Today, the late Noble-Prize winning economist and one of the greatest freedom fighter of our lifetime Milton Friedman would have celebrated his 98th birthday. By far, the most admired trait of Friedman was his presentation of the ideas of liberty. As one of the true geniuses of the 20th century, he was an excellent communicator who successfully explained complex economic theories in a simple manner. He was a spokesman for capitalism who inspired countless individuals through his intelligence and kindness. While he faced his fair share of angry commentators, Friedman always kept his calm demeanor and had a smile on his face. He understood that name calling and insults were counterproductive tactics only used to distract from the real issue at hand.
Milton Friedman is known for a variety of accomplishments that have advanced freedom in America. Often, Friedman’s ideas were ahead of their time. One idea that was particularly close to his heart was allowing children to escape their failing government-run school. Friedman who is considered the “father of school vouchers,” first introduced the revolutionary idea as a professor at the University of Chicago in 1955. Although it was a controversial idea at the time, school vouchers have become a tried and true method of reforming failing school districts. In 1996, Milton and his wife Rose founded the Milton and Rose D. Friedman Foundation to promote the rapidly expanding idea of school choice. Although Milton and Rose are no longer with us, their school voucher legacy still lives on.
Since the passing of Milton Friedman in 2006, the school choice movement has continued to spread across the nation. Less than a year before his death, he expressed his growing optimism for the future of school choice saying, “I remain optimistic for several reasons. One, there is increasing dissatisfaction with the schools on the part of parents. Two, there is widening interest in and support of greater parental choice. Third, some 20 states or more have various kinds of voucher-type proposals under consideration.”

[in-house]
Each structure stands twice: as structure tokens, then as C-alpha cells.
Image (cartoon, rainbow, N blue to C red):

Lately, parents in Pennsylvania are demanding that they have the opportunity to choose their child’s school based on their unique needs. A promising bill, Senator Anthony William’s (D-Philadelphia) Opportunity Scholarship Act SB 1405, currently in the Pennsylvania State Senate would grant low-income students financial assistance to attend the school of their choice. Children trapped in chronically failing public schools with more than 40 percent of students scoring below the basic range on state assessment tests will finally be allowed to receive the education that they deserve. Pennsylvania’s Opportunity Scholarship Act is a win-win: students will have the opportunity to attend a better school and taxpayers would save money in the process. If passed, the Opportunity Scholarship will join several other similar school choice initiatives across the country.
During the last decade of Milton Friedman’s life, he fortunately saw the passing of multiple programs designed to give children more control over their education. To be fair, Friedman was a strong advocate of a universal school voucher program that would allow all children to choose their preferred school. So far, all of the school voucher programs enacted have been designed to give vouchers solely to poor children. While Friedman found this to be an encouraging step in the right direction, he favored a more far-reaching solution where “every family in the U.S. will be able to choose for itself the school to which its children go.”
While we still remain far from Friedman’s ultimate vision, the current school choice reforms have produced promising results. For instance, the Milwaukee Parental Choice program is a widely popular school voucher program that has increased math scores and raised high school graduation rates. Additionally, parents are far more satisfied and involved in their child’s education. The successful Milwaukee voucher program operates at half the cost of the traditional Milwaukee public school. Friedman likely would be optimistic that states such as Pennsylvania and New Jersey are moving towards the direction of creating similar initiatives that produce better educational outcomes at a lower cost.